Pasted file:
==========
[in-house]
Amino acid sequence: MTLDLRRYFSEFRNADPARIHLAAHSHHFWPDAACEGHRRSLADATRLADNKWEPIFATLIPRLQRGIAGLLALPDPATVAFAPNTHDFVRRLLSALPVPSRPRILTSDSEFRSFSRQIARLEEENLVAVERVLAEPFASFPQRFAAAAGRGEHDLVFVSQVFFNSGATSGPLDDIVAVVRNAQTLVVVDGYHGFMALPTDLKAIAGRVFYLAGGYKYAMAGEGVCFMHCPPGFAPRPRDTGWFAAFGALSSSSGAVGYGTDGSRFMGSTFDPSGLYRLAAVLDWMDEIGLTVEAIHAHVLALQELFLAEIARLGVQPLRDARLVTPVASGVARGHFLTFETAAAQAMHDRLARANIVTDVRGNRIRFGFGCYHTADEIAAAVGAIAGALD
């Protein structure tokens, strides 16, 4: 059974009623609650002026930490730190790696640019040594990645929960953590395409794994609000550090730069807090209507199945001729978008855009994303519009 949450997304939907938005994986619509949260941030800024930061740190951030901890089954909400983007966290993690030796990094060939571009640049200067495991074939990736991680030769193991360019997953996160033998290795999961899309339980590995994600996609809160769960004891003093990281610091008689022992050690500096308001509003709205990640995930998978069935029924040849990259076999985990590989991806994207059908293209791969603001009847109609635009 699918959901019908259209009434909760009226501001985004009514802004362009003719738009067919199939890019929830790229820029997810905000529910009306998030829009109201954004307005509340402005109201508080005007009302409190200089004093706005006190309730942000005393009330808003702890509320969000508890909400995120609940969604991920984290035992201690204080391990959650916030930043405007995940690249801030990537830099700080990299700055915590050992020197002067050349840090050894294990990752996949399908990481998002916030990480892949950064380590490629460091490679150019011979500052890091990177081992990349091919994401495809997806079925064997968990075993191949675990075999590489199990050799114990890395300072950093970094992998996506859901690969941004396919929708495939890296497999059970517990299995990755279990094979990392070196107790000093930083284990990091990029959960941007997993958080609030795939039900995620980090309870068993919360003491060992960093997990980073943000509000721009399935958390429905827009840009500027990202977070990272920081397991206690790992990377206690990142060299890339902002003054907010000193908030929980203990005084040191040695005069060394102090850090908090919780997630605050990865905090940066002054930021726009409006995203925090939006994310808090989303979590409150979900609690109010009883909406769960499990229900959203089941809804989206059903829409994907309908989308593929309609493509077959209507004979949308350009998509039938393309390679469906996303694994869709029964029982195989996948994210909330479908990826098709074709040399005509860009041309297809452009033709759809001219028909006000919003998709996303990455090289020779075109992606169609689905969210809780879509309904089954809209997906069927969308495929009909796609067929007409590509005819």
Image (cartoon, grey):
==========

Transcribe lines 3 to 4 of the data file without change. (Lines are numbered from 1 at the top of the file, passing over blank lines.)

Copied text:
């Protein structure tokens, strides 16, 4: 059974009623609650002026930490730190790696640019040594990645929960953590395409794994609000550090730069807090209507199945001729978008855009994303519009 949450997304939907938005994986619509949260941030800024930061740190951030901890089954909400983007966290993690030796990094060939571009640049200067495991074939990736991680030769193991360019997953996160033998290795999961899309339980590995994600996609809160769960004891003093990281610091008689022992050690500096308001509003709205990640995930998978069935029924040849990259076999985990590989991806994207059908293209791969603001009847109609635009 699918959901019908259209009434909760009226501001985004009514802004362009003719738009067919199939890019929830790229820029997810905000529910009306998030829009109201954004307005509340402005109201508080005007009302409190200089004093706005006190309730942000005393009330808003702890509320969000508890909400995120609940969604991920984290035992201690204080391990959650916030930043405007995940690249801030990537830099700080990299700055915590050992020197002067050349840090050894294990990752996949399908990481998002916030990480892949950064380590490629460091490679150019011979500052890091990177081992990349091919994401495809997806079925064997968990075993191949675990075999590489199990050799114990890395300072950093970094992998996506859901690969941004396919929708495939890296497999059970517990299995990755279990094979990392070196107790000093930083284990990091990029959960941007997993958080609030795939039900995620980090309870068993919360003491060992960093997990980073943000509000721009399935958390429905827009840009500027990202977070990272920081397991206690790992990377206690990142060299890339902002003054907010000193908030929980203990005084040191040695005069060394102090850090908090919780997630605050990865905090940066002054930021726009409006995203925090939006994310808090989303979590409150979900609690109010009883909406769960499990229900959203089941809804989206059903829409994907309908989308593929309609493509077959209507004979949308350009998509039938393309390679469906996303694994869709029964029982195989996948994210909330479908990826098709074709040399005509860009041309297809452009033709759809001219028909006000919003998709996303990455090289020779075109992606169609689905969210809780879509309904089954809209997906069927969308495929009909796609067929007409590509005819």
Image (cartoon, grey):